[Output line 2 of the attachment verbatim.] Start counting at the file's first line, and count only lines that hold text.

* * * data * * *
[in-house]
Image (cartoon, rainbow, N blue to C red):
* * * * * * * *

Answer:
Image (cartoon, rainbow, N blue to C red):